I was recently offered an opportunity to review a new children's book called Melvin the Magnificent Molar and wanted to share with you my thoughts, perspective and recommendation of it.
Before sharing a review of this book with you I wanted to have some time to read it with Sarah to gain her perspective as well.
First, this book is extremely informational and delivers messages about proper tooth care in a way that is easy for children to understand. Second, with all of the illustrations within the book, especially of the teeth, it became easy for Melvin, the main character, to become someone Sarah could relate to because he was no longer an inanimate object. Melvin became part of a new relationship with Sarah, one that she has been enjoying each time we read this book.
The first few times Sarah and I read this book together she didn't really care for it. I thought maybe it was because there were more words and illustrations on each page and that it might have been much for her to process. I realized that some of her more recent books are just as full of text so realized this likely wasn't the case. It's possible that for my child, and likely for others, it takes time to warm up to books and have then become fond friends.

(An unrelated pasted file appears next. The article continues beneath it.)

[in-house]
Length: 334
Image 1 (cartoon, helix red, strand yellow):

I am happy to report that after a couple of weeks of reading, Melvin has become Sarah's friend, and a book she wants to read now daily.
There is one part in the book where Melvin feels like a movie star getting his picture taken now that he has gone to the dentist and gotten the royal treatment he deserves. Sarah now insists that she must get her camera and take pretend pictures of this page every time we read this section.
I do have one complaint about the book. When it comes time to introduce the dentist, instead of what I hoped for, a man with a big smile and white coat was instead a gray shadow. I perceived it as scary for Sarah and she did as well. In fact, she doesn't particularly like this page of the book and quickly turns the page. While Sarah has been to the dentist before, now she doesn't want to go. This; however, I believe is an age thing as she doesn't want to go to her pediatrician either. Let's just say I fully intend to bring this book with us for Sarah's next check-up.
My only note to the authors of this great new read is if there are plans for creating additional copies or future editions maybe the dentist can be modified, if possible, to appear happier and less scary.
There are two additional, positive things I wanted to point out that I liked very much. There are helpful tips included on the last page specifically for parents as well as an opportunity to make a donation to support children in need of dental care while being able to secure a certificate for lost teeth from the tooth fairy.
I highly recommend Melvin the Magnificent Molar and look forward to continuing to read this with Sarah in the future.
Please know that I received a complimentary copy of this book to read and review and share my perspective. Hope it was helpful.
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